Definition. Classic bronchopulmonary dysplasia (BPD) is a neonatal form of chronic pulmonary disorder that follows a primary course of respiratory failure (eg, respiratory distress syndrome [RDS], meconium aspiration syndrome) in the first days of life. A "new" form of BPD has been described in extremely low birthweight infants. This occurs in infants who initially had none or modest initial ventilatory and oxygen needs.
BPD is defined as persistent oxygen dependency up to 28 days of life. The severity of BPD-related pulmonary dysfunction in early childhood is more accurately predicted by an oxygen dependence at 36 weeks' postconceptional age (PCA) in infants <32 weeks' gestational age (GA) and at 56 days of age in infants with older GA. BPD is thus classified at this later postnatal age and is graded according to the type of respiratory support required to maintain a normal arterial oxygen saturation (>89%).
Mild BPD. Infants who have been weaned from any supplemental oxygen.
Moderate BPD. Infants who continue to need up to 30% oxygen.
Severe BPD. Infants whose requirements exceed 30% and/or include continuous positive airway pressure or mechanical ventilation.
Incidence. The incidence of BPD is influenced by many risk factors, the most important of which is lung maturity. The incidence of BPD increases with decreasing birthweight and affects ~30% of infants with birthweights <1000 g. There is a large variability in rates reported among centers in part related to differences in clinical practices, such as criteria used for the management of mechanical ventilation.
Pathophysiology. A primary lung injury is not always evident at birth. The secondary development of a persistent lung injury is associated with an abnormal repair process and leads to structural changes such as arrested alveolarization and pulmonary vascular dysgenesis.
The major factors contributing to BPD are as follows:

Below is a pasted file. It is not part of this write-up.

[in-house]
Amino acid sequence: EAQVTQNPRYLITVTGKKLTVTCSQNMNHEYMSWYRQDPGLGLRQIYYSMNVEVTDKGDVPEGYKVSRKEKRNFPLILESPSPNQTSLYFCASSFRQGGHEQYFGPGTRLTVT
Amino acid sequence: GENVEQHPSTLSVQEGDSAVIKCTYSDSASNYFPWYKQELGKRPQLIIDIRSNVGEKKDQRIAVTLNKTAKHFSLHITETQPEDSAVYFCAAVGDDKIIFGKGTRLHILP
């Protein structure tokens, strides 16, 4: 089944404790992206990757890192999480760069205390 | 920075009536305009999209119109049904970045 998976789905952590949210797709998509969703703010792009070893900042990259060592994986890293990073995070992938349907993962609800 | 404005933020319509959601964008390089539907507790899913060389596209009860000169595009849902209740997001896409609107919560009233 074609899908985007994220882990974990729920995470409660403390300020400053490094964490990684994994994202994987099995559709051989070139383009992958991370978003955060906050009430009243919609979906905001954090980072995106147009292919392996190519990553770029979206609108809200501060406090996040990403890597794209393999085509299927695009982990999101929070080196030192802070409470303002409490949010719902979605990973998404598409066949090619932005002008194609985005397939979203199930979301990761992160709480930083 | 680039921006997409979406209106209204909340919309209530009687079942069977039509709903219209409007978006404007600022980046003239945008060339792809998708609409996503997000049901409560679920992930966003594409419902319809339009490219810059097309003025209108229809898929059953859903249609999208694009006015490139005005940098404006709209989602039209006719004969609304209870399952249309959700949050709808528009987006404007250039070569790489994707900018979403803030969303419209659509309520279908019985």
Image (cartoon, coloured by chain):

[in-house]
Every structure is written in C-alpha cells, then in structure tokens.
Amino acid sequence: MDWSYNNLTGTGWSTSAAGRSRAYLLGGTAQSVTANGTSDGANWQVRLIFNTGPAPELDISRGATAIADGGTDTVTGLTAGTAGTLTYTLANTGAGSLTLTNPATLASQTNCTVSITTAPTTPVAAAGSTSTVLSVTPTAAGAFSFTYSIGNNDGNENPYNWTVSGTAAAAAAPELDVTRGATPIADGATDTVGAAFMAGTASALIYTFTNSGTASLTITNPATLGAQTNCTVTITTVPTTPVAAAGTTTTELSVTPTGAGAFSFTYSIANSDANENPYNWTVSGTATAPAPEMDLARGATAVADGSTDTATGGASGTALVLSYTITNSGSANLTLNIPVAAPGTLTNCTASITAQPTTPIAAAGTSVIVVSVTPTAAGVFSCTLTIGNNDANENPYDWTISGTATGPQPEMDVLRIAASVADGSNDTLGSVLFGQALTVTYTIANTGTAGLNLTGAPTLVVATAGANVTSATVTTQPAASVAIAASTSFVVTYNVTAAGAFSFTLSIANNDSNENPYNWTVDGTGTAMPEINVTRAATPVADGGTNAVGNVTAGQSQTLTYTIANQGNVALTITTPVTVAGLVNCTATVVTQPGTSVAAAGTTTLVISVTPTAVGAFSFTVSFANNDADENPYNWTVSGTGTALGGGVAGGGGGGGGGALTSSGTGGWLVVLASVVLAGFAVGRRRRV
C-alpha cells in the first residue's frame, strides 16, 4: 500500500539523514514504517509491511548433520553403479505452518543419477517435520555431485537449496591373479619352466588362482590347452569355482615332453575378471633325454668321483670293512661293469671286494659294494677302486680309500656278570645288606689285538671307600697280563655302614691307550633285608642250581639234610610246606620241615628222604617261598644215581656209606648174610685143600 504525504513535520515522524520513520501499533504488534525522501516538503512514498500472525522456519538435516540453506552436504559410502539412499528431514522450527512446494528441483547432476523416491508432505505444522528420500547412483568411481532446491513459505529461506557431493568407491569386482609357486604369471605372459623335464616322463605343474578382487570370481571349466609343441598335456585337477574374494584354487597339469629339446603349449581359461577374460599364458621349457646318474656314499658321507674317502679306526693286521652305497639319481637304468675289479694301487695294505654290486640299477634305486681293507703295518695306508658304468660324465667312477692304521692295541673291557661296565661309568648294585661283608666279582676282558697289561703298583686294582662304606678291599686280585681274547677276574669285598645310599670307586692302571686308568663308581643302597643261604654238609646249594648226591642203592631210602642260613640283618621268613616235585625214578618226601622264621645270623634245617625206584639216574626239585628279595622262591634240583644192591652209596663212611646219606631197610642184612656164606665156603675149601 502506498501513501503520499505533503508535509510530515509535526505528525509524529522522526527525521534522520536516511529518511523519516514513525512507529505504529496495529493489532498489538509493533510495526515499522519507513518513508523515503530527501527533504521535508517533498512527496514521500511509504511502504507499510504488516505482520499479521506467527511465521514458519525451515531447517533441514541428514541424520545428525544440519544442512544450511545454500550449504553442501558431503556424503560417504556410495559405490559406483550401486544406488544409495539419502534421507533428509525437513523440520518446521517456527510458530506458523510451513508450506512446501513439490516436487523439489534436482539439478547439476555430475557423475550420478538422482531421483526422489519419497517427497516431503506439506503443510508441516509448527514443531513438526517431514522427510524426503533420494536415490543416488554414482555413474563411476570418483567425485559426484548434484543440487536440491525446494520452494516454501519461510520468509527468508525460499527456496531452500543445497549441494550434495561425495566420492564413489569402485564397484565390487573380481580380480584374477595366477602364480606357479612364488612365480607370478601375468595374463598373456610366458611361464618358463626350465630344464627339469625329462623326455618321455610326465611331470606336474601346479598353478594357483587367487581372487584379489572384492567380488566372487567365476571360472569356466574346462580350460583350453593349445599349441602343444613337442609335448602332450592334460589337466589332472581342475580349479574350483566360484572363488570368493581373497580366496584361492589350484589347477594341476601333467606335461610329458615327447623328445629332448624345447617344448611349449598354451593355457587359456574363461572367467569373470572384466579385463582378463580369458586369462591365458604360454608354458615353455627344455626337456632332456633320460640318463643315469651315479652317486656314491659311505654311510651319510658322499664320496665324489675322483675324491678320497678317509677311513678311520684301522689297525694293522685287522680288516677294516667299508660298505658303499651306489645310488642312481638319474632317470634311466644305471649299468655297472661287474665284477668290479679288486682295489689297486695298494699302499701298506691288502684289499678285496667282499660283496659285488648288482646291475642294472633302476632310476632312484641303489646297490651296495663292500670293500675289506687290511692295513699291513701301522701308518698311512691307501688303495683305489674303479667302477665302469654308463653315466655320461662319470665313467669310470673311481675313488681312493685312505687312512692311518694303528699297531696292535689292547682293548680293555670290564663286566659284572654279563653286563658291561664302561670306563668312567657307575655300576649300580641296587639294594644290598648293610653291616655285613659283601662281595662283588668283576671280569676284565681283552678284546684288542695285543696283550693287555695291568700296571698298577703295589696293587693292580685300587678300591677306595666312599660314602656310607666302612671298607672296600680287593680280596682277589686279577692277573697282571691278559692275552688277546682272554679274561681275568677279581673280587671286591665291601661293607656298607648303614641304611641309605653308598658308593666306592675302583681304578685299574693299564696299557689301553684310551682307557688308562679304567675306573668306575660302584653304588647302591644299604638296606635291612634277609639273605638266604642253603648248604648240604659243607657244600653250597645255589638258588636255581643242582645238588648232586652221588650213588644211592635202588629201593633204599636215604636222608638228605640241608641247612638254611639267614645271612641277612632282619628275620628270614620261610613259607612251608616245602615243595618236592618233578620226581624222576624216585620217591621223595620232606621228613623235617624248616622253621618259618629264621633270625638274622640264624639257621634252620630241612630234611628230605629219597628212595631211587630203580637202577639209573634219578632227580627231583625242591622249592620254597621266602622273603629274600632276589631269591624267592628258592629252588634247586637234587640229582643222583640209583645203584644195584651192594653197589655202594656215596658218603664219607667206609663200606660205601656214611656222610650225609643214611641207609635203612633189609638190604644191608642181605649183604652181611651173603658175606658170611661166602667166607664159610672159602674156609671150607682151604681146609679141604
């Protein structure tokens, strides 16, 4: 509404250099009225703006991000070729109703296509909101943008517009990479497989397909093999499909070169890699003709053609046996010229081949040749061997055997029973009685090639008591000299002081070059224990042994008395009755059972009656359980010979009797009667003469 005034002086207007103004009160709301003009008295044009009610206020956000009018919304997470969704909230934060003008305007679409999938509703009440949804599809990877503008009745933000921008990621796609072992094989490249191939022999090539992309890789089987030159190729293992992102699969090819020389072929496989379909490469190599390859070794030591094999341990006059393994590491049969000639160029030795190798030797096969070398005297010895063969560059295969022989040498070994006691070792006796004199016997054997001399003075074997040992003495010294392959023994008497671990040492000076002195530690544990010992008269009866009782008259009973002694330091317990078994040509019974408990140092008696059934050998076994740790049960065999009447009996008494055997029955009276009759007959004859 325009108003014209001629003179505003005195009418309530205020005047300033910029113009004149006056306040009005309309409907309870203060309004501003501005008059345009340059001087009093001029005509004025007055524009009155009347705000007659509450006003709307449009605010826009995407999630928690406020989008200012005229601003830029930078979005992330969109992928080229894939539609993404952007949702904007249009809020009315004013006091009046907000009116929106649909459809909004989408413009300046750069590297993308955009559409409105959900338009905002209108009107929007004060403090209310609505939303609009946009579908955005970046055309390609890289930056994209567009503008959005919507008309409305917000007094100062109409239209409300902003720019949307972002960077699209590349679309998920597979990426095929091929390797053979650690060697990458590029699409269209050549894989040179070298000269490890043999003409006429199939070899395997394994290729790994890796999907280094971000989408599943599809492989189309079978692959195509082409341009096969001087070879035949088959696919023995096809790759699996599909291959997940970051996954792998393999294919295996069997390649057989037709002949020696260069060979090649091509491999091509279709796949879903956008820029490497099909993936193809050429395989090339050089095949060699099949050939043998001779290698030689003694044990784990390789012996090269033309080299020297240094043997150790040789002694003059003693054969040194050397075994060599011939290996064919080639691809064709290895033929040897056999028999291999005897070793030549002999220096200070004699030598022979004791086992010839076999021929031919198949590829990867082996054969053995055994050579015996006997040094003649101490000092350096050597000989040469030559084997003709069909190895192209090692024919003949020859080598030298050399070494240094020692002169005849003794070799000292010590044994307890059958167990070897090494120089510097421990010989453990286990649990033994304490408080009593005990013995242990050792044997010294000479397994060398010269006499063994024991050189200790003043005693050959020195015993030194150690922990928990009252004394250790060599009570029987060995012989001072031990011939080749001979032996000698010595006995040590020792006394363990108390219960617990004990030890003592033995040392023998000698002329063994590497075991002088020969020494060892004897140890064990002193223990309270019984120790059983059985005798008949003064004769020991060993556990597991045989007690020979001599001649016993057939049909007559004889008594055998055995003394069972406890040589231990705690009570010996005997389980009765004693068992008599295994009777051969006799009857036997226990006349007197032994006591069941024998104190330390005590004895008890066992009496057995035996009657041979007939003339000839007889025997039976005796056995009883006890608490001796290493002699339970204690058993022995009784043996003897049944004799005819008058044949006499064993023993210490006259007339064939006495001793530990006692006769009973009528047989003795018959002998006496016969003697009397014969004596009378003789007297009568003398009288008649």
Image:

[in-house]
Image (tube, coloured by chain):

Inflammation is central to the development of BPD. An exaggerated inflammatory response (alveolar influx of numerous proinflammatory cytokines as well as macrophages and leukocytes) occurs in the first few days of life in infants in whom BPD subsequently develops.
Mechanical ventilation. Volutrauma/barotrauma is one of the key risk factors for the development of BPD. Minimizing the use of mechanical ventilation by the use of early nasal continuous positive airway pressure (NCPAP) and noninvasive ventilatory support (nasal intermittent positive pressure ventilation) has led to lesser rates of BPD.
Oxygen exposure. Classic BPD observed prior to the availability of exogenous surfactant treatment was always associated with prolonged exposure (>150 h) to an FIO2 >60%. Hyperoxia can have major effects on lung tissue such as proliferation of alveolar type II cells and fibroblast, alterations in the surfactant system, increases in inflammatory cells and cytokines, increased collagen deposition, and decreased alveolarization and microvascular density. Today, exposure to prolonged high oxygen is limited. Nevertheless, aiming for arterial oxygen saturation in the range 85–93% rather than >92% has led to a decrease in the need for supplemental oxygen at 36 weeks PCA in this postsurfactant era.
Pathologic changes. Compared with the presurfactant era, lungs of infants currently dying from BPD have normal-appearing airways, less fibrosis, and more uniform inflation. However, these lungs have deficient septation, leading to fewer and larger alveoli with possible reduced pulmonary capillarization that may lead to pulmonary hypertension.
Risk factors. Major risk factors are prematurity, white race, male gender, chorioamnionitis, tracheal colonization with ureaplasma, and the increased survival of the extremely low birthweight infant. Other risk factors are RDS, excessive early intravenous fluid administration, symptomatic PDA, ...
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